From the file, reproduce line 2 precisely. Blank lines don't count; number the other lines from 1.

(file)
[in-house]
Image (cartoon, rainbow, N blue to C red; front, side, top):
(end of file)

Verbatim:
Image (cartoon, rainbow, N blue to C red; front, side, top):